Landesa is a rural development institute devoted to securing land for the world’s poor. The company “partners with developing country governments to design and implement laws, policies, and programs.” These various partnerships work to provide opportunities for economic growth and social justice.
Landesa’s ultimate goal is to live in a world free of poverty. There are many facets of poverty. The institute focuses on property rights. According to Landesa, “Three-quarters of the world’s poorest people live in rural areas where land is a key asset.” Poverty cycles persist because people lack legal rights to land they use.
The company was the world’s first non-governmental organization designed specifically for land rights disputes. Then known as the Rural Development Institute (RDI), the institute was the first to focus exclusively on the world’s poor.
Roy Prosterman founded the company out of a deep passion for global development. Prosterman is a law professor at the University of Washington and a renown land-rights advocate. He began his lifelong devotion to property rights after stumbling upon a troublesome article. In 1966, he read a law review article “that promoted land confiscation as a tool for land reform in Latin America.” Prosterman recognized the policy’s ills immediately. He quickly authored his own articles on how land acquisitions must involve full compensation.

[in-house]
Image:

These articles led him to the floor of Congress and eventually the fields of Vietnam. Prosterman helped provide land rights to one million Vietnamese farmers during the later part of the Vietnam War. The New York Times claimed that his land reform law was “probably the most ambitious and progressive non-Communist land reform of the 20th century.”
Prosterman traveled the world to deliver pro-poor land laws and programs. His most notable work was in Latin America, the Philippines, and Pakistan before founding the institute. Today, Landesa focuses mostly on China, India, and Uganda.
He aims to “elevate the world’s poorest people without instigating violence.” The company negotiates land deals with the government and landowners who received market rates. Landesa helps people gain property rights, so people can focus on health and education efforts instead.
– Whitney M. Wyszynski
Source: The Seattle Times